In this context, the rhetoric of Shorten's attack this week on 457 visas, essentially claiming that these immigrants are taking our jobs when we have some 700,000 unemployed and as many as 1 million underemployed, was most divisive and irresponsible, especially with the echoes of Trump.
It was also hypocritical when these visas reached their peak under Shorten as employment minister, even recognising the circumstances of a mining boom. And it was inconsistent with his proposals for a lower "backpacker tax" on foreign youth workers than would be applied to Australian youth workers. All up just more cheap, short-term, opportunistic politics.
While it is also true that if we were drafting section 18C of the Racial Discrimination Act today we may have used different words, this is not the time to be having that debate, or to be making changes, as it gives another platform for xenophobia, "hatespeak", bigotry and the like. It is not a first order issue right now, and risks considerable downside.
There has been much said this week about "listening", especially in the aftermath of the Nationals' demise in the Orange byelection. Yes, much of the success of the Trump anti-establishment message is because a succession of establishment presidents, and their administrations, ignored the electorate's mounting concerns as the "system" of government failed to respond, while often favouring a few vested interests.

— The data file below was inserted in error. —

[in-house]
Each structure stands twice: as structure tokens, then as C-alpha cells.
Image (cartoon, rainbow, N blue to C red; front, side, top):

Here, too, the system is seen to be failing many, especially as inequality grows. Yet our leaders also have a responsibility to lead in matters of genuine national interest, as hard as it may be at times to educate and advocate against populist sentiments. There are also important intergenerational and moral dimensions to this challenge.
If this nationalistic, anti-immigration movement is allowed to spread, it will risk global fragmentation, reversing much of the global development we have all shared in, while stranding some 65 million people who are now displaced globally.